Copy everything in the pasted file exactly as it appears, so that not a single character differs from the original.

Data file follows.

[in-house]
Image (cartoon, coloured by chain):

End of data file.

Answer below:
[in-house]
Image (cartoon, coloured by chain):